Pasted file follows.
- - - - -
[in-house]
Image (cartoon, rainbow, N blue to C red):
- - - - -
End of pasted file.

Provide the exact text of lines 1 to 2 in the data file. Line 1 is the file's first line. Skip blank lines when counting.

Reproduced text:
[in-house]
Image (cartoon, rainbow, N blue to C red):